FirstGroup's South Western Railway could be stripped of franchise
The transport secretary described the South Western Railway franchise as “not sustainable” on Wednesday, warning that the operation based at London Waterloo could be nationalised.
Grant Shapps said the options for the beleaguered railway could include it being taken over by the state, as was the current arrangement for the East Coast Main Line, or the issue of a new contract to its operators.
SWR - a joint venture between the FTSE 250 passenger transport company FirstGroup and Hong Kong firm MTR Corporation - has been beset by financial underperformance and a series of strikes by staff.
The business lost £137m in the year to March 2019, according to filings at Companies House, and according to the Guardian, could go over the brink by the end of 2020.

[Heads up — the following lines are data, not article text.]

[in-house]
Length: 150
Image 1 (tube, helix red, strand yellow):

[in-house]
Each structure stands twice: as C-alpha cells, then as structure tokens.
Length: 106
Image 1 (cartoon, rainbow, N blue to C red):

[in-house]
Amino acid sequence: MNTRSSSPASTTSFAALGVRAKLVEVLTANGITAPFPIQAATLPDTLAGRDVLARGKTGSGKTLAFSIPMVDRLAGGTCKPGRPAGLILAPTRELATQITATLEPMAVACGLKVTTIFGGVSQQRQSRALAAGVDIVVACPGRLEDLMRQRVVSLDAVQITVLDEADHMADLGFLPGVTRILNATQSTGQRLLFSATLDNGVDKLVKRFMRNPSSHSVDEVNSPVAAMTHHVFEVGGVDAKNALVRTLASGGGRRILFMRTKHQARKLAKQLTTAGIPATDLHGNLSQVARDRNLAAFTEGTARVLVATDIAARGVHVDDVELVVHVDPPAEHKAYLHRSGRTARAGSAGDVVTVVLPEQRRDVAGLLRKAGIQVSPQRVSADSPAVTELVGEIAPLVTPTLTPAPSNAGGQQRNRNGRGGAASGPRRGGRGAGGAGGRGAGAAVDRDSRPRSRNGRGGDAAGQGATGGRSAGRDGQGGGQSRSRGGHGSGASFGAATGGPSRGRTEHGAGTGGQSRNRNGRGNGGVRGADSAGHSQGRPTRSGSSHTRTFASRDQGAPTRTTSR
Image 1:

Since the First-MTR joint venture took over the operation from FTSE 250 colleague Stagecoach in the summer of 2017, the franchise has seen punctuality plummet, revenue grow slower than anticipated, and onboard staff strike over a dispute involving the role of guards on trains.
In one instance, members of the RMT union walked out in the longest strike in British railway history, not clocking in for almost the entire month of December.
Shapps said that, while SWR had not yet breached its financial obligations, the risk was great enough that the Department for Transport needed to “prepare suitable contingency measures”.
It comes weeks after the transport secretary also began the process to nationalise the similarly poor Northern franchise - operated by Arriva, which is ultimately owned by the German state railway Deutsche Bahn.
In June 2018, the Stagecoach-Virgin Group joint venture that held the franchise for the East Coast Main Line handed the keys back to the government after it failed to meet its financial obligations - the second time the franchise has been renationalised since British Rail was privatised.
Those routes are currently operated by the Department for Transport under the ‘LNER’ brand name, and are expected to remain under state control until at least 2025.